The singer Moby claimed that "We are all made of stars" whereas writer Marina Lewycka's third book is a little more down to earth. We are all - according to Lewycka - made of glue. Quite what she means by this is open to the interpretation of the reader and there are plenty of different directions your interpretation can take. If you want to look on the dark side, it's hinted in places that it could be a reference to the Nazis making glue from the bodies of their gas chamber victims. For those who see life in a lighter way, it's perhaps her intention that we are all made up of the relationships that bind us together - the glue of society if you like. Mind you, I just think it's a great philosophical expression - there's nothing to beat a bit of ambiguity.
She's a dab hand with titles is Ms Lewycka. Her first novel "A Short History of Tractors in Ukrainian" must have been in the running for 'best title of the year' when it was released in 2005 and soon other books were sitting temptingly on our bookshelves with similar whacky titles - "Salmon Fishing in the Yemen by Paul Torday" is one that springs to mind. I can't help but think Lewycka's book suffered for being a bit too accessible and might otherwise have stood a good chance in the 'Diagram of Diagrams' award for the oddest book title of the last 30 years which went to the non-fiction "Greek Rural Postmen and Their Cancellation Numbers".
Anyway, enough of such digressions and back to the book.
~So what's it all about?~
Georgina is having a bit of a mid-life crisis. When her work-obsessed husband, Rip (yes, that's his name - honest) ignores her request to put a new toothbrush holder up in the bathroom, she flips and throws him out. When he fails to come and collect his possessions, she chucks them in a skip and as a result meets a seemingly batty old lady. Mrs Shapiro, is caught dragging Rip's books and classical records out of the skip. Despite only the briefest of contact, when Mrs Shapiro has to go into hospital she names Georgina as her next of kin and Georgina is sucked into her weird and wacky world.
Georgina's new friend has a run-down old house that's potentially worth a packet to the right people but only if she didn't live there and if it weren't full of rubbish and incontinent cats - including the Wonderboy of my opening line. With no apparent family to protect her interests, Mrs S can see the vultures circling to try to get control of the house. Can Georgina rescue her new friend, can she find new love and can she stop her son going completely potty as he succumbs to religious fervour in a sub-plot of the book? Will she find a good man to replace Rip and still manage to juggle life, Mrs Shapiro, the cats, her own family and her job as a freelance writer for an international adhesives magazine? There you go - more gluey sub-plots.
~A 21st Century Fairy Tale~
If you've read Marina Lewycka's books before you probably already have a fair idea of whether you love or hate her work. I'm a little bit ambivalent. I found her first book (the aforementioned Short History of Tractors in Ukrainian) swung between hilarity and tedium, almost entirely dependent on whether the bit I was reading was about tractors or not. Her second book, Two Caravans, absolutely delighted me as it wove together the lives of a group of immigrant fruit pickers and their dog. By contrast 'We Are All Made of Glue' seems to be trying less hard to be clever and instead focuses on just telling a fascinating and oddly believable fairy story of modern living and contemporary relationships.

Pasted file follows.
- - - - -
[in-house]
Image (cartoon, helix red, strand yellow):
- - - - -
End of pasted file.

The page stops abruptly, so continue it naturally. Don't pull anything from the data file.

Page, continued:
Regular readers will spot the hallmark references to previous books - such as the staff at the nursing home referring to a previous tenant who had engine parts in his room (the gentleman from the Short History who also appears briefly in Two Caravans). And of course it's inevitable that sooner or later she'll send her protagonists to Peterborough but in this one it's a rather self-conscious and unimportant aspect of the plot. She has an outstanding talent for writing dialect and accents which is exploited to the full with the cast of characters in every one of her books.
There are the good and bad 'fairies' of the social work field - Mrs Bad Eel (Badiel) and Mrs Good Knee (Goodney). There's the devilishly handsome Mr Diabello with his handcuffs and crotchless panties and his partner the beastly Mr Wolfe and my favourite characters, Mr Ali the Palestinian builder and his nephews - the 'uselesses' - who want to do the house up in return for somewhere to stay. If Jewish Mrs Shapiro and the three Palestinians (who she mistakenly refers to as 'the pekis') can find a way to live together, surely there's hope for us all in this lovely morality tale.
~Does it work?~
For me it works totally. I loved Lewycka's take on the modern family and the way that we're evolving our own networks of interconnection. I could relate to the way that friendships, even bizarre strange ones, can occur between the oddest of people and bind them together at a time when their conventional family base is breaking down. Georgie's husband has gone, her kids are about to fly the nest but suddenly there's a whole new bunch of people filling the gaps. Despite the crazy almost cartoon-like characters and situations, I wanted only the best for these people in their contemporary take on the battle between good and evil. Lewycka's firmly back on my 'must-read' list, fully forgiven for all the tractor stuff and firmly back in favour. In my opinion she's getting stronger and better with every book. I just wonder if she'll ever be able to write one with an ordinary title. Now where did I put the Araldite?